The W3C does currently recommend the use of a BOM with UTF-16, but only for HTML5 (not for prior versions). I don't pretend to understand why.
Off the top of my head, I think that the BOM might have something to do with East Asian texts...?
I thought it would be good to note that the lack of a BOM is important for web publishing, as I, when looking for UTF-8 in the encodings list, just went to the one that said "UTF-8," without taking note of the other ones, which seemed irrelevant, given that I had already found UTF-8.
Edit: I'm thinking that, given my last point, it might be more useful for applications such as Notepad++ to give options as "UTF-8" and "UTF-8 with BOM" or "UTF-8 without BOM" and "UTF-8 with BOM," instead of "UTF-8 without BOM" and "UTF-8." Of course, knowing nothing about Unicode outside of web publishing, this could have disastrous effects on files being used in other fields.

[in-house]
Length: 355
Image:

Update: I created this for myself, and thought I should post it here, in case anyone else keeps making the same mistake in clicking "UTF-8" when they want UTF-8 encoding . It is a localization file for Notepad++ (tested in Notepad++ 6.1.3) which uses the first "more useful" example in the edit above. It should be placed in the localization directory of your Notepad++ installation folder, and can be used by choosing "English (customizable)" in the "Localization" section of the Properties dialog.